Nearly exactly a year after Britain's seismic referendum to leave the bloc, the EU's chief negotiator, Michel Barnier of France, welcomed his counterpart David Davis with a cheery handshake at the European Commission in Brussels.
It will test the ingenuity of thousands of public servants racing against the clock to untangle 44 years of European Union membership before Britain is out, 649 days from now, on March 30, 2019. Barnier said they wanted to agree on the "main principles of the key challenges of the UK's withdrawal as soon as possible", including Britain's exit bill, the rights of European Union citizens in Britain and the future of Northern Ireland.
Mr Davis's meeting with the administration of prime minister Mariano Rajoy came after a setback in Brussels saw United Kingdom officials agree to the Brexit timetable set out by the European Commission's chief negotiator Michel Barnier.
A key issue he did not mention was the EU's bill for Britain to leave, which Brussels estimates at a colossal 100 billion euros.
As with Monday's seven hours of meetings between Barnier, Davis and their teams, her emphasis is expected to be on easing tensions that have seen some spiky exchanges in recent months.
Both EU negotiator Michel Barnier and his British counterpart David Davis said after the first negotiating session they were confident of quick progress but said major challenges lay ahead to meet the deadline of March 2019 for Britain to officially leave the bloc.
"While there is a long road ahead, our destination is clear - a deep and special partnership between the United Kingdom and the European Union", he said in a statement.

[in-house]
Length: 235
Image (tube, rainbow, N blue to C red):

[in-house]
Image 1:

European stocks rose on Monday, partly on optimism about the talks actually getting underway after months of sniping and uncertainty, analysts said. And almost three months have ticked away since Prime Minister Theresa May started the two-year countdown to departure.
"I would like us to get a good agreement that is in both sides' interests".
Anxious by immigration and loss of sovereignty, Britain voted a year ago to end its four-decades-old membership of the 28-country bloc - the first state ever to do so. "We must think about the deep and meaningful partnership with Europe", he said.
But the situation is very different from 12 months ago when the Brexiteers were riding high, with Prime Minister Theresa May's entire approach called into question after a disastrous election performance on June 8.
With barely 21 months left until the deadline to reach a deal on the first ever departure of an European Union country, negotiators said the first full round of talks would not start until July 17 - a sign that pressure is likely to mount as they confront a dizzying array of complex issues, including citizens' rights and a financial settlement.
As the Europe's chief negotiator, French Republican Michel Barnier will lead the EU's side of discussions as dictated to him by the 27 heads of member states, as well as European Council president Donald Tusk.
"The best way we can spend this week is to rebuild trust", rather than tackle the big hard issues right at the start, another European source said.
"In the first step, we will deal with the most pressing issues".
"So it's in this acrimonious environment that the process begins and that is going to make it tough going for investors looking for clues about whether we get a soft or hard Brexit, something that is between the two, or no Brexit".